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He helps patients find their footing

A short stint shadowing a physiotherapist at work exposed Mr Jason Peh, 29, to allied health professions and sparked his interest in the field of occupational therapy.

“It is a mix of science and arts, using medical knowledge, and creative adaptations and equipment to regain function. The focus on a person’s goals in physical rehabilitation really got me,” he says.

So he applied for the Alexandra Health health science scholarship after graduating from National Junior College. He went on to do his undergraduate studies in health sciences and a Master of Occupational Therapy Practice at La Trobe University in Melbourne, Australia, from 2010 to 2013.

Mr Peh greatly enjoyed his university days in Melbourne as it gave him the foundation to understand how body parts, muscles and nerves work together through a human cadaver.

“It opened my eyes to the intricate nature of the human body, and I’m able to understand my patients better as I had a glimpse of what takes place beneath the skin,” he says.

The internships also gave him valuable experience. One was a home-based rehabilitation setting where he learnt how to be resourceful in using adaptive devices and specialised assistive aids to enable people to live independently in their homes.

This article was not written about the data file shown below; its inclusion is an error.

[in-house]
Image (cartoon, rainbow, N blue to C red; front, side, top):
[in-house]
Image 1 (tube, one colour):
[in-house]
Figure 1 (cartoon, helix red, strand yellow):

Working in the acute stroke unit in a hospital, he learnt valuable soft skills from his supervisor, who also inspired him to engage with difficult patients. Another attachment took him out of his comfort zone and taught him how to understand the needs of mental health patients.

Today, Mr Peh is almost into his fifth year working at Khoo Teck Puat Hospital as a senior occupational therapist.

He is in the community care team where he makes home visits to discharged patients — it can be up to five in a day — and provides training to the patient’s caregiver or family member. He also modifies their home environment, prescribes adaptive equipment, and adjusts their daily routines to ensure safety in their homes.

Mr Peh also runs a motorised-aid clinic twice a week. This involves assessing a patient’s ability to drive a motorised scooter and teaching them how to navigate lifts and public transport.

One other skill that he has gained on the job is picking up the Malay language from colleagues and patients to communicate better with more people.

He is also starting a group with home and community occupational therapists to pool resources, share experiences and support one another, to ultimately benefit patients.

“The job can be physically and emotionally demanding as you’re investing in people’s lives and dealing with the fragility of life, but it is a rewarding career.”

Mr Peh recommends this scholarship to those interested in pursuing occupational therapy as a career.

“It has enabled me to immerse myself in a different culture, step out of my comfort zone, learn more about the healthcare system in Australia, and appreciate what we have and can achieve in Singapore.”